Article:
“Bat & Cat”
Writer: Tom King
Artist: Clay Mann
Color Artist: Tomeu Morey
Letterer: Clayton Cowles
Review by Steve J. Ray
It’s been almost a year since Tom King moved on as writer on Batman. That fact alone has made me take stock on the roller-coaster ride that has been 2020, particularly when this new series was announced before that happened. However, after an interminable wait Batman/Catwoman #1 is finally here!
Tom King’s writing divides audiences; some readers don’t get it, and others adore it. For me King is a thinking man’s writer, and his frequent non-linear way of telling stories wows some, and thoroughly frustrates others. This issue follows this pattern, as there are sequences that are clearly set in the past, others in the now, whilst yet others are set in a possible future, yet to come. Again, I’m a seasoned comics reader/reviewer, so I followed the story quite easily, though I know that there will be a few readers out there who will be left scratching their heads.
The easiest way, in my opinion, to follow this story is to look at Selina and her costume… or lack thereof. This issue delivers a few shocks, particularly in the future segments, and I can’t wait to read more, so we can find out what led to them. Once you can follow the story, it’s both fascinating and intriguing.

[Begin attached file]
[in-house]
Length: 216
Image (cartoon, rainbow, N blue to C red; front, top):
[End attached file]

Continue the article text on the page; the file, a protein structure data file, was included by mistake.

Clay’s The Mann
One thing I’m sure everyone will agree on is that this book looks absolutely gorgeous. Clay Mann is a terrific artist, and his work on Tom King’s Heroes In Crisis made me a fan for life. One glance at the art provided by DC for this review will make anyone a believer. Mann’s layouts, his sublime storytelling,and his use of light and shadow is simply sublime. This stuff is gorgeous, and it’s made even more-so by the stunning color work by Tomeu Morey. Once again, this team blew me away on the aforementioned Heroes In Crisis, so as soon as they were announced as the art team on this book I did a little happy dance.
Another way to know which timeline you’re reading is by looking at the beautiful warm color pallet, evident where Bruce is talking to Andrea Beaumont in the present, which is in stark contrast to the more natural daylight seen where Alfred (R.I.P.) enters the room and the scenes that follow on.
The HiC team is completely reunited on this series with the appearance of the wonderful Clayton Cowles on letters. Look at this stuff! That picture postcard shot of Wayne Manor is bellyful framed by the “Bat & Cat” legend, and Cowles’ lovely credits. Wonderful work.
Batman/Catwoman #1 is my kind of comic, but I do understand how some fans could find it frustrating. There are enough breadcrumbs dropped in this first issue to whet a reader’s appetite, and, if you can wrap your head around the time hops, I’m sure you’ll be hooked. Of course, this means that this book won’t be for everybody, but fans of Tom King’s Batman run will find plenty to enjoy.
Images Courtesy of DC Entertainment